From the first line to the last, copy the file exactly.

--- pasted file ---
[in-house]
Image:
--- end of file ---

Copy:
[in-house]
Image: